One of the top leaders of Tehrik-i-Taliban Pakistan, Faqir Mohammed, has been spearheading the bloody war against Pakistani forces in Bajaur tribal region.

Because of his close links with al Qaeda, security agencies considered Faqir Mohammed more dangerous than Baitullah Mehsud. The presence of Pakistan’s most wanted militant leader at the Commissioner House that evening, when the fighting still raged in Bajaur, was intriguing, to say the least.

The widespread public cynicism about the action against militants was not without any basis. It is almost four weeks now since the army launched the new offensive against the militants in Swat and Buner, dislocating more than three million people and leaving around 100 soldiers killed.

The army now seems determined to eliminate Fazlullah and his commanders. ‘But will there be any accountability of those who were responsible for the return of Taliban in Malakand division. Could not the current devastation have been avoided if these wanted men were eliminated earlier instead of being patronised by the administration,’ wondered a Swat resident now forced to live with his family in Mardan.

Id like to ask the same questionwhy were they not taken care of before hand but i guess too late for that.I just hope that the army is really going after them and that they are not in someone house as i write this but hiding and fearing for their life.

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Smokers corner: Revolutionary confetti

Posted by Alta on March 29, 2009

By NFP

It was quite a sight watching Laal ( a ‘revolutionary pop band’), being scrutinised by some three dozen young men and women on a TV channel this year on Pakistan Day.

The band is being aggressively promoted by the said TV channel — a channel which ever since the start of the Lawyers Movement in late 2007, has sprinkled itself with revolutionary confetti, cleverly treating the concept of revolution as a highly saleable software in times of socio-economic and political crises.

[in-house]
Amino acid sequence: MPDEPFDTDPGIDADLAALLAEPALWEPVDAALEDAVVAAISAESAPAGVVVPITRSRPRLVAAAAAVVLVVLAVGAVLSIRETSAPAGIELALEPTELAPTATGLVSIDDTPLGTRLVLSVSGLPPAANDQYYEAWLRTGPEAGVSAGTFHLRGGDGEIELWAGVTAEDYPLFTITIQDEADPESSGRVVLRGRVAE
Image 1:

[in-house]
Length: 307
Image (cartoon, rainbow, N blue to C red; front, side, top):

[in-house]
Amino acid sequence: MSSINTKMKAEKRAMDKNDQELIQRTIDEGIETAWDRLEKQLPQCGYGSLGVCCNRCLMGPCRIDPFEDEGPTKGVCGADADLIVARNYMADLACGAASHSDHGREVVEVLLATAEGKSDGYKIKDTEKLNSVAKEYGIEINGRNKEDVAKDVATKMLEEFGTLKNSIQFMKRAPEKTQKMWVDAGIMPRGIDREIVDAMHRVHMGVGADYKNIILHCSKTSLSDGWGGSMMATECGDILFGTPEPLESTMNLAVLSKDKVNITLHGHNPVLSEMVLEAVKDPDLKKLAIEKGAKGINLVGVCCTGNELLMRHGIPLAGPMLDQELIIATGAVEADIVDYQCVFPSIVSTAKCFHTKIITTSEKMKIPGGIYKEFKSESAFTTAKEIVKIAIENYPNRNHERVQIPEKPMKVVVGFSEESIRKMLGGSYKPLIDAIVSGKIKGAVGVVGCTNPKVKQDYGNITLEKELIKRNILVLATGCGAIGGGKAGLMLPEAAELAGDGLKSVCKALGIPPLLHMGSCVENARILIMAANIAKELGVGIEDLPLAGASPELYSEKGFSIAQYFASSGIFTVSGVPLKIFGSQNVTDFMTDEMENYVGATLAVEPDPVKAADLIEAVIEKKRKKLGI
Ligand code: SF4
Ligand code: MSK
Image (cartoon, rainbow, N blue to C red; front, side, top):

Of course, never is this revolution clearly defined. Instead it usually stumbles out from our TV screens as a cathartic (but highly convoluted) concoction of liberal democracy, socialism, nationalism, patriotism and religion.

Since the programme featuring Laal was live, the channel seems to have been caught unawares, believing in its own assumption that the middle-class urban youth of Pakistan too are a reflection of what the channel has been dishing out in the name radicalism and reform.

Laal mean well though, and I particularly want to single out their lead vocalist, Shahram Azhar, who seems to be a genuine, sensitive talent. However, thanks to the purely media-constructed notions of the current ‘revolutionary’ zeitgeist in the nation’s youth, I’m sure the band too were taken aback by the reception they got on that show.

Not that they were jeered — far from it, because their unplugged performance was rather marvellous — but the questions that they were asked by the audience betrayed what the electronic media has been spouting regarding middle-class youth in Pakistan.

It is a devastating case of naivety to believe (or worse, propagate), that middle-class Pakistani youth have rediscovered the revolutionary, democratic and progressive spirit that it demonstrated from the 1950s till about the mid-1980s.

The truth is, this spirit, if it really has made some sort of a comeback, seems to be confined to assorted fringe clusters, but they are noticed because to most TV channels they are saleable images.

But then these days anything is saleable if it is continuously bombarded in the mainstream media, from pop bands to whole movements. The question is, are these clusters capable of altering minds and opinions?

No is the answer if their propagated ideas are secular, especially in the political context. But yes would be the reply if the offered ideas in anyway are associated with religion.

That said the 23rd March show was a stark reminder of the above notion. The bulk of the young audience didn’t seem all that impressed by Laal’s ‘Marxist leanings’, and many of them actually suggested that good old fashioned inscrutable mantra and rhetoric of following the holy scripture.

The point is, the fringe clusters who were proudly exhibited by many TV channels during the two-year-long Lawyers Movement — passionately spouting slogans, songs and speeches about democracy, justice, free media and revolution — I’m afraid they do not mirror the spirit of today’s middle-class Pakistani youth.